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New Jersey Appeals Court Says Power-Outage Victims May Sue GPU Energy
Source: Knight Ridder/Tribune Business News Publication date: 2000-06-15
Jun. 15--Business owners and residents who suffered financial losses when 100,000 customers were left without power during a weeklong heat wave last summer can bring a class-action lawsuit against GPU Energy, a state appeals court decided yesterday.
The ruling is the first in New Jersey to allow a class-action lawsuit against a utility company, lawyers involved with the case said.
Delighted by the ruling, Frank S. Gaudio, the Red Bank lawyer handling the class action, said, "This is the first time the utilities' feet are being held to the fire and they are answering for these damages in a class action."
He said his clients have losses ranging from $50 to $40,000. And because there are allegations of consumer fraud, Gaudio can seek three times the actual value of damage as well as punitive damages.
"One client, who owns a seafood restaurant, had to throw out thousands and thousands of dollars worth of lobster and other types of fish. This is not just about ice cream that had to be thrown out," said Gaudio. He said the power outages were caused by poor maintenance and poor weather forecasting, not an unexpected act of God as the utilities had claimed.
GPU had argued that the Board of Public Utilities, the state agency that set rates and regulates the industry, should hear the customers' claims. The BPU conducted an investigation into the blackout during the week of July 4, but said it is not its role to settle claims brought by individual customers.
Yesterday, a three-judge panel of the Appellate Division of Superior Court unanimously ruled the BPU's decision not to hear the class-action claims was proper because the agency resolves only regulatory questions. The court said the utility company customers should have their day in court.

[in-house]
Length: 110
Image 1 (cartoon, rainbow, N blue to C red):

"The events in issue raise only ordinary questions of negligence," states the decision written by Judge Michael Patrick King and joined by Judges Philip Carchman and Steven Lefelt.
When the case goes back for trial, the jury will have to determine whether GPU acted reasonably and whether it breached its duty to its customers. Those issues, the appeals court said, are beyond the scope of the BPU.
Douglas S. Eakeley, the lawyer for GPU Inc., said he was pleased the BPU investigation found GPU provided "safe, adequate and proper service."
"We didn't want judges and juries replacing the BPU," said Eakeley.
In November, the BPU issued a report critical of the GPU and other utility companies for creating mass confusion by not promptly informing officials and customers of when and where blackouts would occur.
Since the outages, GPU has announced plans to accelerate spending by tens of millions of dollars to upgrade its system to cope with rising demand for electricity.
Stephen B. Genzer, of the New Jersey Utilities Association, a trade group that represents all the major utility companies in the state, said his organization wanted the BPU to have the last word because it sets customer rates and there is a direct link between service and revenue.
But he does not fear the court decision will expose utility companies to a flood of lawsuits.
-- (Dee360Degree@aol.com), June 15, 2000